Federal law requires anyone purchasing a home in a designated flood area using financing from a federally insured and regulated lender to buy flood plain insurance through the Federal Emergency Management Agency (FEMA). Instead of charging insurance premiums that cover the expected cost of floods, FEMA offers partly subsidized insurance; the government discount can be huge. Moral hazard knocks at the door. In 2015, there were 5.1 million policies in force.
FEMA now produces maps for about 60 percent of the country showing the degree to which a particular parcel of land may lie in a flood-threatened location. Generally speaking, the higher the risk, the higher the insurance premium. But the longer a particular homeowner has had floodplain insurance, the lower the premium. Newly sold insurance reflects full cost, but polices that are grandfathered in do not.
To illustrate, consider a $250,000 home with no basement, located in a flood plain and insured before FEMA developed its new full-cost insurance for the area in question. (The latter applies to roughly 12 percent of all insured property.) The annual flood insurance premium in 2014 for this home was $2,644. For an identical property insured after FEMA developed full-cost pricing, the policy cost can be as high as $10,263.
Understandably, homeowners who hold highly subsidized insurance do all they can to keep it. That can mean avoiding selling a property or choosing to rebuild in the same place even after suffering severe damage from a storm. In short, it means some people have a strong incentive to continue to live in flood-prone areas.
To make matters worse, FEMA’s insurance program fails to bring enough revenue to cover costs. The agency must borrow from the U.S. Treasury, which currently owes $25 billion for past flood insurance deficits.
Of course, Congress knows about all this. In 2012, it passed legislation requiring FEMA to move toward full-cost pricing and phase out all subsidized insurance plans. Everything went along well until the next hurricane season. In 2014, Congress backed away from full-cost pricing and the requirement that grandfathered coverage not be renewed. Special interest pleading won out, and citizens living on higher ground paid up. Moral hazard lived to play another day.
Now’s the time for Congress to hit the line, once again, and require FEMA to fix the flood plain insurance problem — this time for good."
Friday, June 22, 2018
By Scott Sumner.
"The answer is “probably”, but by less than you might assume. The LA Times has an interesting article entitled:
New evidence shows that our anti-poverty programs, especially Social Security, work wellI’m not quite convinced by this argument. The article discusses some very interesting research by Bruce D. Meyer and Derek Wu, which shows the poverty rate looking at only official income data, and then again after accounting for taxes and various income support programs. I’m convinced by their argument that poverty, properly measured, has fallen rather sharply over time. There are clearly far fewer poor people in America than when I was young (in 1960).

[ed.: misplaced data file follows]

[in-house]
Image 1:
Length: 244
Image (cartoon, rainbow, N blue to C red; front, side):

Indeed research by Bruce Meyer and James Sullivan produced another similar graph that I included in this post, which shows that the consumption poverty rate has fallen to extremely low levels, below 5%. I like that graph so much I included it in the new principles textbook that I am working on.
And yet, none of this tells us about the causal impact of poverty programs. The first time I ever spoke up in a college econ class (back in 1974), was to challenge my professor on exactly this point. He showed data on the income distribution before and after transfers, and argued that this showed the impact of transfers. I raised my hand and suggested that without transfers, low-income people would probably have more market income. (He graciously conceded the point.)
For instance, if there were no Social Security program, older people would be more likely to keep working beyond age 65. Having said that, I would also like to make the following two points:
1. Even if Social Security does not raise the income of the elderly, it quite likely makes them better off. Many old people would prefer to spend their final years enjoying life, not working at Walmart, or at least working less than full time.
2. I do think it likely that Social Security did reduce poverty, as the offset of fewer hours worked and less market income is likely less than 100%.
When you look at poverty programs for the non-elderly, things get a bit murkier. It is certainly plausible that they have also reduced poverty, but it’s hard to prove. While poverty has declined sharply since the 1950s, it’s important to keep in mind several factors:
1. Much of the fall in the official poverty rate occurred prior to 1966, before the Great Society programs were fully implemented.